Here’s a quick one to get the researchers scratching their heads – and it’s a very long shot, but please do what you can, I’ve asked for more information from Gill, and I’m hoping she’ll comment here.
Gill Joesbury asked:
Do you know of any records in existence that recorded mining accidents in the Brownhills area? My Grandfather was a coalminer (loader below ground level) although I don’t know which pit he worked at, just that it was in the Brownhills area.
I believe that he lost a leg in a pit accident, probably sometime in the early 1900’s. Not much to go on I’m afraid and if there are no records then a dead end.
I look forward to hearing from you in due course.
Mrs Gill Joesbury
Hi Gill – if we could have a name to go on, that would be great. I’m unaware of any unified lists of pit accidents (but I am welcome to correction on that), but there may be stuff in the paper or other archives if we have a name.
Please folks, if you can help – comment here, or mail me: BrownhillsBob at Googlemail dot com. Cheers.
I suspect the only hope is the newspaper archive, but a name would be essential.
i have a couple of reports on accidents in the conduit colliery that were to my ancesters in the late 1800s and early 1900s.
I think you would need to look for the reports of the Mines Inspectors – these would be held at the National Record Office – although copies may exist in local Record Offices (Walsall or Staffordshire Record Office in this case). For this, you would need to know the Colliery name and date (unless you simply browsed). As above, newspapers would also be of interest, but you would need to know a date. I am not at my desk at the moment, so I cant advise as to what we hold – but drop an email to the Walsall Local History Centre and we can check our indexes at least.
I hope this helps.
See TNA guide
Cheers, Paul, thank you.
A credit to local history, as always.
Would love to know if there are any records myself my Grandfather William Smith worked in the mines for years also and I think he may have worked at Walsall Wood and Brownhills. Would they have anything at Walsall History Office?
Hi Emma, we have no staffing records for local pre-NCB mines. You would need to check with Staffordshire RO as to what they hold, but prepare for disappointment – staffing records are notorious for treading the primrose path to the everlasting bonfire (an archival term for being chucked out). Of course, you would really need to know dates and the colliery.
HI BOB I dont know if its of any help but I have a hand written portfolio going back to the i800 it was written by an elderly gentleman and covers indevidual fatal accidents omines in the cannock chase coal fields names how and when and ware pit ponies ballads opening and closiers also maps of pits and ginny pits miners were known to walk from brownhills to eights and the surrounding pits just to get a shift in bless them as usual my doors open if it helps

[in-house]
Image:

Ooh, Reg, cheers.
I’ll mail David and see if he’s up for a… wee project.
Cheers old chap.
Reg, that could be a treasure just like yourself!
Some accidents have been mis-reported by historians, and the Lichfield Mercury seems to have been, at times, a little economical with the truth.
All the best Pedro
My grandad died in a mining accident too, in this atea it may be the same time – around 1946… His name was Arthur Tennant.
…sorry forgot to say where, I know he worked in walsall wood, brownhills and coppice road mines. He used to frequent the Jolly collier pub that used to be on Pelsall road.
on my way to see Reg …teabags and cake at the ready…..
My mom used to clean for a Mr Cooper by the Catholic Church in Brownhills. He worked at Walsall Wood Colliery. and I remember her coming home and saying that he was upset because there had been a fatal accident down the pit I think that this was around 1958ish. When did the pit close? and would this have been the last accident there?
According to Brian Rollins the Walsall Wood Colliery closed in 1964. He also says that he witnessed a fatal accident there on the 9th October 1956
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WAS YER FATHER A MINER LIKE MINE AND WORKED IN THE MUCK AND THE GRIME.
WENT TO WORK ON A BIKE.USED A BOW SAW AND PIKE. TO DIG OUT BLACK DIAMONDS THAT SHINE. WAS YER FATHER A WRECKED BODY LIKE MINE ‘THROUGH WORKING IN DUST NO SUNSHINE HIS SHUKY HIS LIGHT’ DAMAGING GODS GIVEN SIGHT’ DEEP IN THE BOWEL FACE OF A MINE DID HE TAKE A PIECE OF BEST SUNDAY CAKE ‘ TO GIVE A PIT S ONYWHOSE POOR LITTLE LIMBS ACHED ‘ AS HE DRAGGED A PIT TUB THROUGH RUBBISH AND SLUDGE’ ‘ SO MINE OWNERS THEIR PROFIT COULD MAKE DID HE BATH BY THE FIRE IN THE TUB . UN YER MOTHER HIS MARKED BACK DID SCRUB . SCRATCH CAUSED BY LOW ROOF .SCARS PLAIN MAKING PROOF OF THE DAYS OF PIT PROPS AND HORSE HOOFE BUT IF YOU ASKED THIS OLD FATHER OF MINE OF THE DAYS OF THE MUCK AND THE TIME HIS OLD EYES WOULD SHINE NO TALE TO TELL OF THE STRIFE AND THE HELL . BUT WOULD PROUDLY SAY AR THEM DAYS WERE MINE. GOD BLESS THEM
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Thanks Reg for telling it as it was, and for me it puts some writers of coal mining history to shame.
When coal owners, living out in the sticks, “gave” employment to thousands they took the bodies and souls of the miners.